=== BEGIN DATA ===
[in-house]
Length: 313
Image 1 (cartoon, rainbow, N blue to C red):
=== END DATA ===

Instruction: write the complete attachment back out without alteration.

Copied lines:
[in-house]
Length: 313
Image 1 (cartoon, rainbow, N blue to C red):